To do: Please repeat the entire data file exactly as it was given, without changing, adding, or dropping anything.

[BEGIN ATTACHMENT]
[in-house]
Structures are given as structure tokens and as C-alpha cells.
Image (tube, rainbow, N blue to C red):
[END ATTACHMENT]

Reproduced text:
[in-house]
Structures are given as structure tokens and as C-alpha cells.
Image (tube, rainbow, N blue to C red):